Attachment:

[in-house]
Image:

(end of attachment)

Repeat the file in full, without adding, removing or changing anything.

[in-house]
Image: